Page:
But that's not the only story. Taking a closer look at the lists I noticed that while the number of top 30 hits the average artist decreased after the rock and roll revolution, the ratio of number 1 hits to top 30 hits increased. For example, Bing Crosby had 383 top 30 hits and 41 #1 hits for a ratio of 9 top 30 hits for each #1 hit. Many of the performers in the pre-rock and roll era had track records that were similar. Madonna, on the other hand, had a #1 hit for every 3 top 30 hits or a 33 percent #1 hit ratio. Her success ratio was much higher. Likewise, Elvis Presley had a #1 hit ratio of 20 percent, the Bee Gees 33 percent, Phil Collins 25 percent, and the Beatles almost 50 percent. I believe this change is also attributable to the age of the dominant listener. Again, making an objective observation and not intending to insult, it appears to me from both personal experience and observation that younger people feel their emotions stronger than older people. When they form an attachment it's more intense, even though more short-lived. In the case of music, when someone becomes popular the younger people of the current era are more likely to fixate on one particular "in" performer and buy everything they can get their hands on, with the result that these performers have higher ratios of #1 hits. The older purchasers of the past era were more judicious.

Another factor could be that modern record companies don't produce as many songs as they used to. A pre-rock artist active for ten years might have many more songs released than an equally popular performer in the post-rock era. Producing more songs might stretch the fixed purchasing power of the dominant buying demographic over a larger number of songs so that it was rarer for one to make it to the number 1 spot.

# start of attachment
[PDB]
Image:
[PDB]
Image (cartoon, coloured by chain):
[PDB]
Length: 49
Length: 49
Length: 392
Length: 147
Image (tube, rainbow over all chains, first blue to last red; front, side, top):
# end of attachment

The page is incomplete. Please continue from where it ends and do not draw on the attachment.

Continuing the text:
With these considerations in mind, it might seem fairer to the post-rock performers to compare them to the pre-rock era performers by virtue of the number of artists that got a very high number of #1 hits.

Pre-rock era:

Number of performers who got 11 or more #1 hits (1915-1955): 16

Post-rock era:

Number of performers who got 11 or more #1 hits (1955-1995): 6

While the numbers are closer, it would still seem that there was something radically different between the performers and listeners of the pre-rock era and those of the post-rock era: the pre-rock performers were simply more popular with their audiences than post-rock performers. This might be explained by the fact that the earlier performers didn't have to compete with as many entertainment options. Back then there were live performances, radio, and movies. Today's performers also have to compete against the Internet and computer games.

As I said before, these are only guesses. I have no training in psychology or the history of music so please take my thoughts with a large pinch of salt.

Elvis versus the World:

Many people reading my Bing Crosby/Elvis Presley comparison page send me emails complaining about my failure to acknowledge that in his era Elvis was more popular than any singer in their era. I regret to say that I'm about to make things worse: not only did Mr. Crosby beat him in comparative popularity, so did 8 other acts. Comparing Elvis with the other great performers of the 1900s shows that in terms of comparing them based on the number of songs in the top 30 and the number of #1 hits, Elvis only ranks in tenth place for the era in which he was charting new songs. Here are the statistics that prove it:

1. Bing Crosby: 383 top 30 charted hits - 41 #1 hits

2. Paul Whiteman Orchestra: 220 top 30 charted hits - 32 #1 hits

3. Guy Lombardo and his Royal Canadians: 218 top 30 charted hits - 32 #1 hits

4. Byron Harlan: 143 top 30 charted hits - 24 #1 hits

5. Arthur Collins: 136 top 30 charted hits - 24 #1 hits

6. Glen Miller: 129 top 30 charted hits - 23 #1 hits

7. Al Jolson: 91 top 30 charted hits - 23 #1 hits

8. Tommy Dorsey: 208 top 30 charted hits - 18 #1 hits

9. Billy Murray: 169 top 30 charted hits - 18 #1 hits

10. Elvis Presley: 85 top 30 charted hits - 18 #1 hits


Elvis was great, but he wasn't the greatest... or even the second, third or forth greatest. Thinking he was steals credit from the unique accomplishments of many other acts.

(Please don't interpret my comments as being critical of Elvis. They are not intended to be. I own and listen to Elvis CDs. I like him more than all of the performers whose accomplishments rank them higher than him. All I'm trying to do is provide some quantitative perspective to compare performers.)

I put the above two lists together strictly for entertainment and without any intention to slight anyone's favorite performer or music era. I hope you enjoyed it.